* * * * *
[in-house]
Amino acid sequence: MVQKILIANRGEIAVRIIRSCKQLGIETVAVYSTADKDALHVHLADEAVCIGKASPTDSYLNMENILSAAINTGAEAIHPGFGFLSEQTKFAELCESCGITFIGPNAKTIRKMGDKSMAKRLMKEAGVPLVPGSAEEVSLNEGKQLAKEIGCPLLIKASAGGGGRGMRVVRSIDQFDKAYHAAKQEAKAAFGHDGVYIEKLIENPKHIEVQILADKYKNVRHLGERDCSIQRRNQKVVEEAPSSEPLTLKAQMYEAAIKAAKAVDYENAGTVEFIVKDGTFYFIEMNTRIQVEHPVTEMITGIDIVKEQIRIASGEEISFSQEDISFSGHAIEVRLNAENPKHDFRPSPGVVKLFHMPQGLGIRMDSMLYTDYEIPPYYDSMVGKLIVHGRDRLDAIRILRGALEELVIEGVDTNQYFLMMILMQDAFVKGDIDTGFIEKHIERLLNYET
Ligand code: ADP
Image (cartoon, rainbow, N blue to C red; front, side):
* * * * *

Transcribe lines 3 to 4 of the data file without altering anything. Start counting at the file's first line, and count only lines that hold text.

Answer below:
Ligand code: ADP
Image (cartoon, rainbow, N blue to C red; front, side):